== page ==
The most numerous and powerful western tribe was the Sioux, or Dakota, which was separated into several subdivisions. The Santee Sioux lived in the woodlands of Minnesota, and for some years had been retreating before the advance of settlements. Little Crow of the Mdewkanton Santee, after being taken on a tour of eastern cities, was convinced that the power of the United States could not be resisted. He was reluctantly attempting to lead his tribe down the white man’s road. Wabasha, another Santee leader, also had accepted the inevitable, but both he and Little Crow were determined to oppose any further surrender of their lands.”
Dee Brown (28 februari 1908 – 12 december 2002)
Uit: Over vriendschap (Vertaald door F. de Graaff)
“Zodra de liefde binnen de grenzen van de vriendschap komt, dat wil zeggen op een gemeenschappelijke wil en keuze berust, dan verliest zij haar vuur en kracht. Het genot van de liefde is tevens het einde ervan, omdat dit op het lichaam gericht is en tot verzadiging leidt. Vriendschap daarentegen wordt genoten in de mate waarin ze gewenst wordt, en door dit genot wordt zij gewekt, wortelt ze en bloeit ze op, omdat het geestelijk is en de ziel door het onderhouden ervan meer en meer gelouterd wordt. Die andere, stormachtige affecties hebben bij mij ook tijdens onze volmaakte vriendschap wel gewoed, om van mijn vriend maar niet te spreken, die daarvan maar al te duidelijk getuigt in zijn verzen. Zo hebben beide hartstochten toegang tot mij gehad; ze kenden elkaar, maar hebben nooit met elkaar gewedijverd: de eerste vervolgde zijn hoge en trotse vlucht en zag met verachting neer op de vorderingen van die ander ver beneden zich.
Wat het huwelijk betreft, behalve dat het een contract is, waarvan alleen het afsluiten vrijwillig plaatsvindt (het voortduren ervan is gedwongen en opgelegd en derhalve van andere dingen afhankelijk dan onze wil), en dat gewoonlijk om andere redenen wordt afgesloten, brengt het ontelbare verwikkelingen met zich mee die ontward moeten worden, wat voldoende is om de draad te breken en de ontwikkeling van een sterke gevoelsband te verstoren. Terwijl bij een vriendschap het enige waar men mee te maken heeft en waarmee men moet omgaan, die vriendschap zelf is. En daar komt eerlijk gezegd nog bij dat vrouwen gewoonlijk niet over de vermogens beschikken, die beantwoorden aan de eisen van het soort vertrouwelijke omgang en gedachtenuitwisseling, waardoor die heilige band gevoed wordt. Ook schijnen ze de geestelijke kracht te missen om tegen het knellen van zo’n nauwe en duurzame band bestand te zijn. Nu is het zeker zo dat, als dat niet zo was, als het inderdaad mogelijk was een dergelijke ongedwongen, vrijwillige relatie op te bouwen, waaraan niet alleen de zielen zich volledig kunnen laven, maar ook de lichamen deel kunnen hebben, waarin de hele mens betrokken zou zijn, – dat deze vriendschap dan ongetwijfeld nog volmaakter en totaler zou zijn. Maar uit geen enkel voorbeeld blijkt nog, dat het vrouwelijk geslacht dit heeft kunnen bereiken en de scholen uit de oudheid zijn het erover eens, dat dit hun ook niet gegeven is.”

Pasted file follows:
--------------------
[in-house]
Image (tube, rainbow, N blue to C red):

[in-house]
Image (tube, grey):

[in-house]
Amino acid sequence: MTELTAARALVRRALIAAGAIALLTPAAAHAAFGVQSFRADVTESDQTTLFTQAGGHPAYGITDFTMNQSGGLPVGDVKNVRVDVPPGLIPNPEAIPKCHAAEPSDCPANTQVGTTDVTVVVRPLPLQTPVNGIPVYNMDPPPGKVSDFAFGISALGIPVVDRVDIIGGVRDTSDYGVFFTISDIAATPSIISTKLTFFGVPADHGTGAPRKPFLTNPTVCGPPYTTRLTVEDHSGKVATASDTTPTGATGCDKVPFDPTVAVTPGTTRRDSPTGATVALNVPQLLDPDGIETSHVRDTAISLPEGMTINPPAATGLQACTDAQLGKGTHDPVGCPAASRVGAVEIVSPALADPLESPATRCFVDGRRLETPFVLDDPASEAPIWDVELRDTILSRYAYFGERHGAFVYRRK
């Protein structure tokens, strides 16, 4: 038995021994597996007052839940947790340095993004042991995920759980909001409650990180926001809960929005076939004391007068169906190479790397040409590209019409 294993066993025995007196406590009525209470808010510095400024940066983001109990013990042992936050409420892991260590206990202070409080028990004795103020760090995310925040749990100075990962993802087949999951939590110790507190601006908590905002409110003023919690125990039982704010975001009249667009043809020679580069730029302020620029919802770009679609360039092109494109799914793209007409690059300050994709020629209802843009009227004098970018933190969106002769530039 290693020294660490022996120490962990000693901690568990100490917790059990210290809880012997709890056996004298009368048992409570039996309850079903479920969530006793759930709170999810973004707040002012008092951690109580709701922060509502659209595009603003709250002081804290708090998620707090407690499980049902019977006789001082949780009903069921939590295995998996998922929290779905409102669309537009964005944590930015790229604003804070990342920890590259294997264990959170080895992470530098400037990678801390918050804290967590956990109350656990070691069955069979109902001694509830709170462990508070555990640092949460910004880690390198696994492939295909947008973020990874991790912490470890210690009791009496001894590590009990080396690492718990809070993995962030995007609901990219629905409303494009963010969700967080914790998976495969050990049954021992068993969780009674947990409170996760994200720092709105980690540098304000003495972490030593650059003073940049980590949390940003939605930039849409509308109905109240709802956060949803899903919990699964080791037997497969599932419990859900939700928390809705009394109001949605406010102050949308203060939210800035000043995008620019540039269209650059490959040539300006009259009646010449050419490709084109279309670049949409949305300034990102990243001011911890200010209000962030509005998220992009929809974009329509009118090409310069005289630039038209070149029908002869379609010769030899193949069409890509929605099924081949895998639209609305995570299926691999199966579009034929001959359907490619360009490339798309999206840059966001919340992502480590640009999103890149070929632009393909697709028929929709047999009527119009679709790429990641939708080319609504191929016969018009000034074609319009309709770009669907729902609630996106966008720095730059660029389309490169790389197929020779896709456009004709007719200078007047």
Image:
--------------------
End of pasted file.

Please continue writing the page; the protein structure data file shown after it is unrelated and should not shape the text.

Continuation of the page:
Michel de Montaigne (28 februari 1533 – 13 september 1592)
I move a white day,
he moves a black day.
I rush forward with a dream,
he takes it from me in war.
He attacks my lungs,
for a year I lie thinking in hospital,
and win a black day.
He displaces a misfortune
and threatens me with cancer
(which at the moment moves diagonally)
but I treat him to a book
and force him to retreat,
take a few other pieces and
notice that half my life has
vanished from the board.
‘I shall call checkmate
and you will lose your optimism’,
‘Never mind,’ I try to joke,
‘then I’ll switch to feelings and castle your king.’
Behind me my wife, my children,
the sun, the moon and other spectators
tremble at every move I make.
I light a cigarette
and continue the game.
With A green Scarf
With a green scarf I blindfolded
the eyes of the trees
and asked them to catch me.
At once the trees caught me,
their leaves shaking with laughter.
I blindfolded the birds
with a scarf of clouds
and asked them to catch me.
The birds caught me
with a song.
Then with a smile I blindfolded
and the day after it caught me
with a love.
Vertaald door Michael Hamburger
Marin Sorescu (29 februari 1936 – 8 december 1996)
Happiness is a mediocre standard
for a middleclass existence. I see
through smiles and smell truth in
the distance. Beyond one dimensional
smiles and laughter lies the hereafter.
Where tears echo laughter.
You’d have to do math to divide a
smile by a tear, times fear, equals
mere truth, that simply dwells in the
air. But if that’s the case all I have
to do is breath and all else will follow.
That’s why drums are hollow.
And I like drums. Drums are good.
But I can’t think straight. I lack the
attention span to meditate. My attention
spans galaxies. Here and now are immense.
Seconds are secular. Moments are mine.
Self is illusion. Music’s divine.
Saul Williams (Newburgh, 29 februari 1972)